The common motives shared amongst these scatter-shot #cancellations are fairly well-established. It’s usually one of two things. Either, Representation Of is being confused with Endorsement Of, or one is engaging in Presentism (judging the past by present standards). However, I do not wish to dwell overly-long on either as many center-Right pundits do, because I do not believe the cultural upheaval these varied instances indicate is merely due to such logical inconsistencies and fallacies. It appears to me that the issue at hand is infinitely larger than a mere misunderstanding.
#Cancelculture did not happen in a vacuum. Like everything else of importance, it has a history and a legacy that can be traced. In some sense it has always been with us; the devices of rhetoric to strawman and ad hominen one’s enemy are older than the ancient Greeks, and Machiavelli enshrined such political machinations in his The Prince. Acolytes and aftermaths of Marx such as the Frankfurt School and Vienna Circle were quite open about the ways in which Reality Itself must be made utterly pliable and redefinable if the revolutionary utopia is to be achieved. Nietzsche, the leftist existentialist who accidentally inspired Hitler, taught that humanity’s only “salvation” is to generate its own meaning(s)–an ahistoric and quite possibly apocalytic proposition. Saul Alinsky, political mentor to the Clinton dynasty, modernized Machiavelli in his Rules for Radicals by summarizing that the whole of politics is to A. have no rules of one’s own and B. make one’s enemy have, and live up to, their own rules. This can be witnessed in real time as shrewd Democrats politically beat clueless good-ole-boy Republicans to a bloody pulp.
Additionally, every American and European college student for the past half-century has at least been cursorily initiated into the postmodern/deconstructionist cult of Foucault and Derrida, whose teachings can be rendered roughly as this: in the godless Darwinian universe, there is no objective Truth or inherent Meaning; therefore, every attempt to proclaim or even suggest such Truth or Meaning, be it in civilizations, artworks, or language itself, is a manipulative lie–a stratagem of game theory to move bananas from one ape to another. Therefore, “salvation” is to destroy all such constructs, leaving ourselves enlightened from any such value judgements. I refer to the latter two in particular as the “Evil be thou my Good” crowd, after Milton’s Lucifer.
So, while we continue to mentally masterbate to the cheeky cleverness of Shapiros and Crowders, who snicker at the (admittedly, very many) “useful idiot” leftists who spend their whole lives effectively defending the proposition that “the truth is that there is no truth,” we are utterly missing the fact that whether they are right or wrong does not matter. Debate itself is predicated on the good-faith principle that one idea can be shown objectively superior to another. The postmodernist/deconstructionist dwells in a subjective, Lebowskian universe wherein absolutely everything is “just, like, your opinion, man.” Their credo is that of morose gods and mediocre parents: it is, because I say so. This is a mindset that quite literally cannot be reasoned with. And it is being wielded to great effect by big-brained ideologues who are more than willing to let resentful plebeians parrot such soul-destroying propaganda. These elites’ own children, of course, will never be exposed to it–or, if they are, it will only be as an opportunity to gloat at how the low IQ may be incentivized to kill themselves.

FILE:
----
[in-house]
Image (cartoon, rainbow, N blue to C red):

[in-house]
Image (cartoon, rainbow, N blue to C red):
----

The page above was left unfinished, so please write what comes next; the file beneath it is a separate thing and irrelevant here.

So, I humbly suggest that we stop marveling at what our postmodernist/deconstructionist neighbor or nephew or niece or cousin or child has just posted to Facebook, and start thinking about what to do when they eventually send armed thugs to our doorsteps. If you think that is not the trajectory we are currently on, it’s time to be an adult, hit pause on Netflix, and read The Gulag Archipelago. “It could never happen here” is a fallacy as bad or worse than those the far-Left have pledged allegiance to.
“Over a half century ago, while I was still a child, I recall hearing a number of old people offer the following explanation for the great disasters that had befallen Russia: “Men have forgotten God; that’s why all this has happened.” Since then I have spent well-nigh 50 years working on the history of our revolution; in the process I have read hundreds of books, collected hundreds of personal testimonies, and have already contributed eight volumes of my own toward the effort of clearing away the rubble left by that upheaval. But if I were asked today to formulate as concisely as possible the main cause of the ruinous revolution that swallowed up some 60 million of our people, I could not put it more accurately than to repeat: “Men have forgotten God; that’s why all this has happened.”Solzhenitsyn